Opinion: After promising start, CleanBC still far from finish line

Aug 16 2019, 5:46 pm

Written for Daily Hive by Karen Tam Wu, the BC director at the Pembina Institute, Canada’s leading clean energy think tank. She’s also a member of BC’s Climate Solutions and Clean Growth Advisory Council.  

With fever-pitched debates over the polarizing issues of building pipelines and pricing carbon pollution taking centre stage, the marathon task of realizing British Columbia’s vision for climate action and a clean economy often gets lost in the conversation. Coming out of the blocks in December 2018, the CleanBC plan is fuelled by $902 million over three years (in the 2019 provincial budget).

Seven months after the starting gun sounded on CleanBC, it’s worth checking up on the province’s progress in terms of policies, investments, and legislation. Based on our scan, the government is making headway, but it’s still early in the marathon and there’s much more ground to cover.

Electric vehicle sales up


Tesla Model 3 Standard Range/ Tesla

Electric vehicles appear to be a fan favourite, with sales surging in the wake of CleanBC.

Turbo-charged by government incentives, zero-emission models now account for six per cent of new vehicle sales in BC — the highest level in Canada. 

A few months after BC’s 2019 budget, and with a boost from the federal electric vehicle incentive, the province’s clean vehicle program was oversubscribed. In order to help more people switch to zero-emission cars, the province dialed back the size of the point-of-sale incentives.

The government passed the Zero-Emission Vehicles Act, establishing the growing percentage of zero-emission cars automakers are expected to sell. By 2040, all new cars sold must be non-carbon polluting — a North American first. Regulations to reinforce this mandate are to be developed this fall and come into force in 2020.

Carbon pollution from transportation contributes nearly 40 per cent of BC’s total emissions. Light duty vehicles represent 15 per cent, heavy duty vehicles 13 per cent, and off-road vehicles five per cent of total emissions.

Money for building upgrades

bc building code

2016 construction of UBC Brock Commons’ tall wood residence. (UBC Public Affairs)

The homes and buildings we live, work, and play in are responsible for nearly 11 per cent of BC’s carbon pollution, largely due to space heating. To encourage owners to upgrade residential and commercial buildings to achieve better energy efficiency and switch to cleaner fuels, the province upped the rebates for purchases of heat pumps, windows, and insulation. Will $3,000 in incentives for heat pumps drive this market akin to how electric vehicle sales have taken off? The level of uptake so far is unclear.

The province also launched the CleanBC Building Innovation Fund, making $1.8 million available for researching, testing, and piloting low carbon solutions. The government committed to reducing carbon pollution from public buildings by 80 per cent by 2050 through renovations of 1,000 such buildings — investing $58 million over the next five years.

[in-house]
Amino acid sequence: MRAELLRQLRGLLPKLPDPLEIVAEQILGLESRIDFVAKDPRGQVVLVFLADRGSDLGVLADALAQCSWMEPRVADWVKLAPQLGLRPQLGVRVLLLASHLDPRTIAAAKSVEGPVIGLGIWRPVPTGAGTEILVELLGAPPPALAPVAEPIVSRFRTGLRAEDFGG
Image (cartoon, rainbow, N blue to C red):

More industrial pollution cuts needed

LNG-tanker at anchor / Shutterstock

LNG-tanker at anchor / Shutterstock

Industrial emissions account for 40 per cent of the province’s carbon pollution — with 20 per cent coming from the gas sector alone. The province is planning to reduce 2.5 million tonnes of pollution through the CleanBC Industry Fund. This program earmarks revenue from carbon taxes paid by industrial emitters to clean innovation projects.

BC is in the process of establishing regulations to reduce methane pollution from gas production that meet the federal requirement of achieving a 40 to 45 per cent reduction by 2030 — the equivalent of 1 million tonnes. Once finalized, these regulations will take effect in 2021. Also hitting the ground in 2021 will be the Peace Region Electricity Supply project. When the transmission line is up and running, carbon pollution reductions of 2.2 million tonnes are expected from electrification.

While we won’t see immediate emissions reductions from the gas sector for a few years yet, we do expect that every sector needs to do its fair share. With future liquefied natural gas developments a looming possibility, we will need to see the details on how LNG developments will fit within the province’s carbon budget.

Legislation on transparency

Karen Tam Wu, B.C. director at the Pembina Institute

Karen Tam Wu, B.C. director at the Pembina Institute

The government expects to introduce amendments to strengthen the Climate Change Accountability Act this fall. We need a transparent process whereby the government forecasts carbon pollution (with targets for each sector), tracks and publicly reports progress, and submits this data for independent verification (by the Climate Solutions and Clean Growth Advisory Council, for example), and adjusts policies accordingly. Making this a legal requirement will safeguard gains and ensure they are built upon.

Going forward

Implementing CleanBC is akin to a marathon. It will take some time to roll out CleanBC and confirm its measures will in fact add up to the forecast pollution reductions. Even so, the plan leaves us with a 25 per cent gap to our 2030 target. We’re hoping to see a plan next year to get us all the way to the finish line.

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